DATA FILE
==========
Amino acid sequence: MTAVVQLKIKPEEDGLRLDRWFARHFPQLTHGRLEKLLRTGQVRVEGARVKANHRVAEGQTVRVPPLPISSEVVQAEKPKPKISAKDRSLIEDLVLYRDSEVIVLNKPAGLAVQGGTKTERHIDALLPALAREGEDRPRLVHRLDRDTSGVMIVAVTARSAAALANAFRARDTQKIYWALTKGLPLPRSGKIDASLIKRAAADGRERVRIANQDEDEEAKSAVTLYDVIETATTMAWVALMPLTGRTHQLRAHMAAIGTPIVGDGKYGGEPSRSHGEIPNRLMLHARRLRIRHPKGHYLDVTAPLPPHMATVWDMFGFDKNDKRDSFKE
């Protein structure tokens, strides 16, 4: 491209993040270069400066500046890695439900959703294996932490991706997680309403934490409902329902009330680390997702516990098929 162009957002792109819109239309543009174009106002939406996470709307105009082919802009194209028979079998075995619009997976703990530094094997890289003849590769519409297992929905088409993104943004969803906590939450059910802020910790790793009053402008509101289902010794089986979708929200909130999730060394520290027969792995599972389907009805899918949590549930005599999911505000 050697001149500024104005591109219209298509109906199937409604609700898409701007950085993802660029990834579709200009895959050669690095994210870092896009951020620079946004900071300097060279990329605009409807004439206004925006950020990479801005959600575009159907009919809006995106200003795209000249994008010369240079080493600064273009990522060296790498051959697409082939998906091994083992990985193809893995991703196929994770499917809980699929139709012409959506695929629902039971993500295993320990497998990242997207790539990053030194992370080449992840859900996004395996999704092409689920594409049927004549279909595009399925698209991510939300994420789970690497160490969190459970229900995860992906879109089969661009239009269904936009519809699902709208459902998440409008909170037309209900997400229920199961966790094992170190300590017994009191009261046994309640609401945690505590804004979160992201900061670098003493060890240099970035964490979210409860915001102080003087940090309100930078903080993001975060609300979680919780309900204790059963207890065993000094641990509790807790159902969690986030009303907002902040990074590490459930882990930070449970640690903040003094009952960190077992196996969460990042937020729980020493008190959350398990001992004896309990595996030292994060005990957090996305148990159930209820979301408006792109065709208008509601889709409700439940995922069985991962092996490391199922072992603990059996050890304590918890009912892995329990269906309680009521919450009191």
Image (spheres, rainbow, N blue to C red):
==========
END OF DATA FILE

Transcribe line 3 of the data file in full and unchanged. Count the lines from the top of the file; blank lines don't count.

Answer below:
Image (spheres, rainbow, N blue to C red):